A Rare Case of Insulin-Like Growth Factor (IGF-2) Induced Hypoglycemia Associated With Metastatic Colon Cancer.


North Florida


Osceola Regional Medical Center

Document Type

Case Report

Publication Date



igf-2-induced hypoglycemia, metastatic colon cancer, non-insulin-related hypoglycemia, nonislet cell tumor hypoglycemia, persistent hypoglycemia


Digestive System Diseases | Internal Medicine | Medicine and Health Sciences | Neoplasms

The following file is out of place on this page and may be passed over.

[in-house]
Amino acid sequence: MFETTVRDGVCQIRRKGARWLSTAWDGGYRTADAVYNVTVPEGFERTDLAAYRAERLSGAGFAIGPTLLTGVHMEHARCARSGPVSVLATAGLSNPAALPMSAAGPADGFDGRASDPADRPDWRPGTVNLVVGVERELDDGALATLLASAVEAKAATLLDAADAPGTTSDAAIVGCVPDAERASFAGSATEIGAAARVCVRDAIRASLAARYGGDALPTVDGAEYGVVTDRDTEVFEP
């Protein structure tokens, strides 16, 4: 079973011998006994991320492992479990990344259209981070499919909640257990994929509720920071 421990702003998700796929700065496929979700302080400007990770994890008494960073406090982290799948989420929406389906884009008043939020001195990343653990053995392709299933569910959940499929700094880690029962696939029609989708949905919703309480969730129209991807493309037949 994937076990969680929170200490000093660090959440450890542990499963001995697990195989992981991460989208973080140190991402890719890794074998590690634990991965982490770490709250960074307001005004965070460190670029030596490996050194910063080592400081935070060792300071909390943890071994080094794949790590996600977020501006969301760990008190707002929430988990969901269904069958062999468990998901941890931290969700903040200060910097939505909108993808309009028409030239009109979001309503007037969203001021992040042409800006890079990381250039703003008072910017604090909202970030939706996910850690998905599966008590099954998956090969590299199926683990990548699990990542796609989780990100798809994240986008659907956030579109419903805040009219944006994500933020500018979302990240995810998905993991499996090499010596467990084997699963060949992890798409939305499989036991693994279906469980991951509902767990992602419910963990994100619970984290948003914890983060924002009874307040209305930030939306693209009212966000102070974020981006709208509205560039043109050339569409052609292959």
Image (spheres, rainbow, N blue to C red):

The occurrence of hypoglycemia in patients without diabetes is rare, and non-islet cell tumor hypoglycemia (NICTH) accounts for a small portion of these instances. One of the infrequent causes is associated with tumor cell production of Insulin-like growth factor (IGF)-2. Here is a case of a 66-year-old man with stage IV colon cancer who presented to the emergency department with breathlessness during chemotherapy (Bevacizumab plus FOLFOX4 regimen). He had undergone partial colectomy and chemotherapy three years prior but was recently diagnosed with metastatic liver disease. A CT scan revealed a 15 cm hepatic mass occupying the entire right hepatic lobe. Despite receiving dextrose infusions, he experienced persistent hypoglycemia after meals and during fasting. Given that he had no history of diabetes and denied using any oral hypoglycemic agents, the Endocrinology service was consulted for further evaluation. Plasma blood glucose (BG) was measured at 74 mg/dL (reference range 74-106) during dextrose administration. An 8 AM cortisol test yielded a result of 8.08 mcg/dL (4.30-22.40), ruling out adrenal insufficiency. A 72-hour fast was initiated but terminated at eight hours due to symptomatic hypoglycemia with a plasma BG of 48 mg/dL. C-peptide and Insulin levels were both low, measuring10), confirming IGF-2 mediated NICTH. Treatment with dexamethasone 10 mg daily was initiated, maintaining blood glucose levels above 70 mg/dL without dextrose infusion. In approximately 50% of cases of NICTH, the tumor is detected before the onset of hypoglycemia, yet up to half the patients may remain asymptomatic despite having very low BG. Despite having a known hepatic lesion, our patient exhibited minimal symptoms despite severely low BG levels. The mechanisms underlying NICTH may involve tumor secretion of insulin, replacement of hepatic tissue, increased glucose utilization by the tumor, or, most commonly, secretion of IGF-2. In cases of IGF-2-mediated hypoglycemia, insulin, proinsulin, C-peptide, and β-hydroxybutyrate levels are typically low. IGF-2 stimulates the insulin receptors resulting in increased glucose uptake by skeletal muscles and suppression of gluconeogenesis, glycogenolysis, and ketogenesis by the liver. Insulin secretion from pancreatic β-cells is suppressed. IGF-1 levels are usually low, while IGF-2 levels may be high or normal, as many IGF-2omas produce IGF-2 precursors (pro-IGF-2). An elevated IGF-2:IGF-1 ratio (>10) confirms the diagnosis which may be helpful when IGF-2 levels are normal. The primary treatment is through surgical removal or debulking of the tumor. Neoadjuvant therapies such as radiation and chemotherapy may reduce occurrences of hypoglycemia, but only temporarily. Glucocorticoids may be used when the underlying malignancy cannot be treated.

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